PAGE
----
plain brass or plated?

Discussion in 'The Ammo & Reloading Forum' started by Chazz, Oct 8, 2009.

  1. Chazz

    Chazz New Member

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    I know there must be an advantage to nickle plating, but what is it? If I buy 1000 cases, is the plating worth the extra cost?

    This is one of about 4000 questions I'm sure I'll have, as I'm just getting started.
  2. Duckboats

    Duckboats New Member

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    Get brass, it's a softer metal.
  3. JohnTheCalifornian

    JohnTheCalifornian Member

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    Welcome!

    Nickle plated brass is just a little harder then normal brass. And some will say it will feed into your weapon just a tad better than plain brass. Plus it looks prettier when you have it loaded with some mean looking bullets.:D

    First thing you should do is get yourself a couple of reloading manuals. You need to be able to read and FOLLOW the instructions inside. Otherwise you may end up hurting yourself or someone around you. I make it sound scary, but it really isnt along as you follow the instructions inside the manuals.

    The latest editions of the Lyman, Speer are a good place to start. You may also want to consider getting "Modern Reloading, 2nd edition" as well. Inside all these books is a wealth of information.

    If you are trying to save money and are on a tight budget then the Lee presses, dies, and tools cant be beat. There will be others to tell you Lee is no good and there will be some like myself that will tell you the exact opposite. There are many different press and die manufactures out there.

    Here is a list of websites that I know of that offer presses, dies, etc..:
    http://www.midwayusa.com/browse/BrowseCategories.aspx?tabId=1&categoryId=680&categoryString=9315***731***
    http://www.midsouthshooterssupply.com/department.asp?dept=%52%45%4C%4F%41%44%49%4E%47&dept2=%52%45%4C%4F%41%44%49%4E%47%20%50%52%45%53%53%45%53&dept3=%50%52%45%53%53%20%4F%4E%4C%59
    http://www.natchezss.com/category.cfm?subCategory=475&catLevel=2
    There are 3 main categories of presses out there. Single Stage. Turret Press. And Progressive Press.

    Once you have a couple manuals and have read them you will learn there is just a few basic, but important steps to reloading. Any questions you have, just post here and there are a bunch of knowledgeable reloaders here who are eager to answer your questions.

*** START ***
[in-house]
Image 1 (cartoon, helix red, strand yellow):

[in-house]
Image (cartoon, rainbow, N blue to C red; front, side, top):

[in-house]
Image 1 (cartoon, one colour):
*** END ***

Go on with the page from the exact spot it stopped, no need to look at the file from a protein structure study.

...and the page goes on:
4. 312shooter

    312shooter Active Member

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    I was on the nickle kick for a while, my local range had buckets of 9mm seperated from brass and it was always available so I thought I really had something going, well it turns out the wiser reloaders knew something I didn't........two to three loads later the necks split. It sure does look nice and if its given to you by all means load it! Just take very good notes on how many times you do, I promise you will see splitting happen as I did. On the other hand if you are paying more for nickle I'd say avoid it someones trying to get over on you.
    Last edited: Oct 8, 2009
  5. Alpo

    Alpo Well-Known Member

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    Nickel plated is shinier. If your gun ejects it in the grass it is easier to find. If you carry it in a leather cartridge belt it does not turn green. If you load it with black powder it does not corrode as fast. It is slightly slipperier, so if your chambers are dirty it loads easier.

    Brass is not as shiny. It is easier to lose in grass. It reacts with the acids used in tanning leather, creating verdigris. It is not as easy to load in a dirty chamber, and it corrodes quicker when exposed to black powder fouling.

    All that sounds like nickel is better.

    Now the downside. Brass is softer. It gives more. It expands easier in the gun and contracts easier in the die. Your cases last longer. Nickel, being a harder metal, work-hardens faster than brass does, and will crack sooner.

    I've got bunches and bunches of both nickel and brass in 38 and 357. When I have a crack in the brass, it is usually a case-mouth split. When I have a crack in the nickel it is usually a longitudinal body crack.

    I have nickel. I will reload nickel. But I won't buy nickel if I have a choice.